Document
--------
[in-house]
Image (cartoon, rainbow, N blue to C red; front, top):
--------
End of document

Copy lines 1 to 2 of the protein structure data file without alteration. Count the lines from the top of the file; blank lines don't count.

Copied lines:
[in-house]
Image (cartoon, rainbow, N blue to C red; front, top):